Indigo Books and Music released a social community and book discovery app in 2016 called Reco for iOS. Reco allows you to develop your own book lists for titles you are currently reading and want to read and then share it via social media. Your lists are not just limited to print either, but you can also include ebooks and audiobooks. The app has not been updated late 2016 and it completely failed to get any traction. No one I know joined it, and the only followers I ever got on it were Indigo employees/Reco developers. The only app reviews are also from 2016, which means literary nobody is using the app.
The plight of Reco might be similar to the new app for Android and iOS that Barnes and Noble officially released yesterday, Browsery. The vast majority of Browsery users are not people who love books but Barnes and Noble staff and the developers who made the app.
B&N and Indigo have both tried to replicate the GoodReads experience in a bid to sell more books. This is where they will both fail, because customers want a community that does not lock them into a specific ecosystem, they want to talk about books, monitor their reading goals and discover new authors.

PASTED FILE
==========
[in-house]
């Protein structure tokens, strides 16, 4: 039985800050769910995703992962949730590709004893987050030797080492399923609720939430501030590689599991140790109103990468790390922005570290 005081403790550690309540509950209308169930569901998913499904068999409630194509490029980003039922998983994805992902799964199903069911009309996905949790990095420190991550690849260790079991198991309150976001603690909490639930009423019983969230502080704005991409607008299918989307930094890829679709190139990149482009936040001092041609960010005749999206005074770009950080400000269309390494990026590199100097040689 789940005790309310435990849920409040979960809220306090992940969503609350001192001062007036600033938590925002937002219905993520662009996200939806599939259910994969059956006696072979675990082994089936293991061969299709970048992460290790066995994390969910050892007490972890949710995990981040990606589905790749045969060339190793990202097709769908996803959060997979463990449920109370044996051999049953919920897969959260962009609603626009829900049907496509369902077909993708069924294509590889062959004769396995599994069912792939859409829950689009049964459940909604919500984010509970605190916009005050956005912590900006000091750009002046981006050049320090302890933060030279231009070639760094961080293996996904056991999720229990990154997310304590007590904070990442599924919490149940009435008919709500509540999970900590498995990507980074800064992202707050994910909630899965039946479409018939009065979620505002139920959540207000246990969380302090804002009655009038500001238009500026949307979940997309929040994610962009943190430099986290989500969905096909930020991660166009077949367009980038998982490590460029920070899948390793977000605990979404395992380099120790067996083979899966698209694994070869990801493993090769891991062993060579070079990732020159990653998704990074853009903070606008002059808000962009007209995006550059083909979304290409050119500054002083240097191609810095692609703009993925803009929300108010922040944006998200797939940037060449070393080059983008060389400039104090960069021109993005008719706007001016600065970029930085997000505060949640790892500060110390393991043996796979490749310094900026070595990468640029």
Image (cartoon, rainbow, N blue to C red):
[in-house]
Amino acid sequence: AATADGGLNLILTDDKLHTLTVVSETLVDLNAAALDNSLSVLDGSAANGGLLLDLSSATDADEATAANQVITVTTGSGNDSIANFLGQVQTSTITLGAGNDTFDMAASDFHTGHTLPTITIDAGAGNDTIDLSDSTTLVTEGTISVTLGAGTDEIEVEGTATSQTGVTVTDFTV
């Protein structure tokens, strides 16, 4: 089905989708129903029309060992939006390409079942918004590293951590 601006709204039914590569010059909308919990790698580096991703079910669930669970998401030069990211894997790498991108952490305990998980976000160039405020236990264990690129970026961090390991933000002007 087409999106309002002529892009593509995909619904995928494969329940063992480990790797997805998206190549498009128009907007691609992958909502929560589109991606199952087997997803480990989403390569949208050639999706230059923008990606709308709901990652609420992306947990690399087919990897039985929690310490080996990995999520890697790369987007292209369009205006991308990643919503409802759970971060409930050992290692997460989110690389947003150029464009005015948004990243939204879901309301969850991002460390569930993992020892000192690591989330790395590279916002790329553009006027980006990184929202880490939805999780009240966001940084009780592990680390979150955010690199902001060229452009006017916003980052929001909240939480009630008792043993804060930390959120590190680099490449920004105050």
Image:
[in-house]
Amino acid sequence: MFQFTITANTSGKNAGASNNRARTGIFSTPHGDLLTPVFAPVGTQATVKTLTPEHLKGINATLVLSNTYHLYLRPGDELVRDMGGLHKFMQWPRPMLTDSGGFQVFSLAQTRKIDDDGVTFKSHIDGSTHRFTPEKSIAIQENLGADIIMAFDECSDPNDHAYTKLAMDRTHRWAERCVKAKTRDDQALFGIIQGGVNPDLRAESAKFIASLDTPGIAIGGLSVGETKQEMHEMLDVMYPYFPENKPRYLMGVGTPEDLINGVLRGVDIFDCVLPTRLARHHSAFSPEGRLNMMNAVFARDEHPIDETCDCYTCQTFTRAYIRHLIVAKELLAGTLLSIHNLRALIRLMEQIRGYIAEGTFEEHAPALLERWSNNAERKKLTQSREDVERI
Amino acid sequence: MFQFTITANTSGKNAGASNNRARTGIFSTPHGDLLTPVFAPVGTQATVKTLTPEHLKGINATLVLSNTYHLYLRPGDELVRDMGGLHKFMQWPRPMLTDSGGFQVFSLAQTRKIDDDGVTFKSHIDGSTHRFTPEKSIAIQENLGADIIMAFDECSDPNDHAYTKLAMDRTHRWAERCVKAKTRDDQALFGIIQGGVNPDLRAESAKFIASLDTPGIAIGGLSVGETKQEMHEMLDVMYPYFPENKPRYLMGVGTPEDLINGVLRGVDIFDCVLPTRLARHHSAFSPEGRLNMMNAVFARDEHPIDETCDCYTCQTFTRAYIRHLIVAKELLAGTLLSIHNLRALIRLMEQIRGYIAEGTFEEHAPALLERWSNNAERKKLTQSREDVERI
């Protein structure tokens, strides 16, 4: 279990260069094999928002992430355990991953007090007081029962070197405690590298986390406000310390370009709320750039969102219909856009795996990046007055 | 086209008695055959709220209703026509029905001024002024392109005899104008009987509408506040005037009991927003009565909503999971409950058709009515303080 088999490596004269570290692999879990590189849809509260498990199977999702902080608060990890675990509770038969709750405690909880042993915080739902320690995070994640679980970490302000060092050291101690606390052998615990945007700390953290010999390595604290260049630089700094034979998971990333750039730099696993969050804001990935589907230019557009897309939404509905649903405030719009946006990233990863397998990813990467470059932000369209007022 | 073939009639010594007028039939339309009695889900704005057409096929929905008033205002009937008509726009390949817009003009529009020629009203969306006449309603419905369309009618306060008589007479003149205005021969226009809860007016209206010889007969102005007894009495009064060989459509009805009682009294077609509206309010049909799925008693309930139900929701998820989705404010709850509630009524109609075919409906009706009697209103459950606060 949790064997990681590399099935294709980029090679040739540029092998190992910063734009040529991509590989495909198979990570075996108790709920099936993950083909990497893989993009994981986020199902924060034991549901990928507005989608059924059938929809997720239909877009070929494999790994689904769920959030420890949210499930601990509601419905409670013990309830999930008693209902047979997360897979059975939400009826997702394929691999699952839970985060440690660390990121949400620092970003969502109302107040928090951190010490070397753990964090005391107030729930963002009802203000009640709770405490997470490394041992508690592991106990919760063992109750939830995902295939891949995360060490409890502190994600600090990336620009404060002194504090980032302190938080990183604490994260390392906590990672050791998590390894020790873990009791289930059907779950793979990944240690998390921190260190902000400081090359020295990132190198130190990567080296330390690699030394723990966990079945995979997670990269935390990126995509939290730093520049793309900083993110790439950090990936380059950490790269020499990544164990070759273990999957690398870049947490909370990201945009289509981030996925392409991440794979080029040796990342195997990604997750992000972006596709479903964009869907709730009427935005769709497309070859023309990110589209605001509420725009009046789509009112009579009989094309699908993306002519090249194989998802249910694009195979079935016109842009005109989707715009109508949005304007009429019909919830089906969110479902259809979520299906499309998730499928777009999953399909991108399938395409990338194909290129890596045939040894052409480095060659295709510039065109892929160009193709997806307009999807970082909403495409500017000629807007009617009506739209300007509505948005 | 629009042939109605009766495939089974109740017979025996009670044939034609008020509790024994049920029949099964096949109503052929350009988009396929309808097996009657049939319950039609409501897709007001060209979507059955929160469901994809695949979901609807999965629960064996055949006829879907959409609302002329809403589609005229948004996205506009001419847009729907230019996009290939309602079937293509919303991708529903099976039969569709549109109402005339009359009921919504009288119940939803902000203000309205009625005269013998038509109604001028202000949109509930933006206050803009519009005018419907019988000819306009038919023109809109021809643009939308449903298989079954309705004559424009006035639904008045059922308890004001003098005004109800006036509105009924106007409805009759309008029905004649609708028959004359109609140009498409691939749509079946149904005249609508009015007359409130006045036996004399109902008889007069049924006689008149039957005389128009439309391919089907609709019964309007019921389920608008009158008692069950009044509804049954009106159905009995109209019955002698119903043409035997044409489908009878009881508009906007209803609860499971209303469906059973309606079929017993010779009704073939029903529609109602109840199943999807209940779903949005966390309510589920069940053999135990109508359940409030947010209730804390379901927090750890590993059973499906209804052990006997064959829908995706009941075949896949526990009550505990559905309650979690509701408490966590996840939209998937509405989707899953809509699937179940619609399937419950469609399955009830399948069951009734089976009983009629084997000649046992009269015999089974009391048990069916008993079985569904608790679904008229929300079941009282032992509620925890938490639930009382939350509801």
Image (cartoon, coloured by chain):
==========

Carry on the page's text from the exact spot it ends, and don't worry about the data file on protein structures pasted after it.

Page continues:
Indigo rushed out Reco to be a GoodReads clone. They never marketed it in their bookstores and was only mentioned a handful of times on their Twitter account. Aside from the initial press release it was never talked about again. Nobody has even talked about Reco online in the past year, there have been no blogs reviewing the app or updates from the developer. The promised Android app never materialized, likely due to the poor performance of the iOS app.
Michael Kozlowski is the Editor in Chief of Good e-Reader. He has been writing about audiobooks and e-readers for the past ten years. His articles have been picked up by major and local news sources and websites such as the CBC, CNET, Engadget, Huffington Post and the New York Times.